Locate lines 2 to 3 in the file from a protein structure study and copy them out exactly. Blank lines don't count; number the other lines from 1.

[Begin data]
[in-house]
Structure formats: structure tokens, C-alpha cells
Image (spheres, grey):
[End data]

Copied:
Structure formats: structure tokens, C-alpha cells
Image (spheres, grey):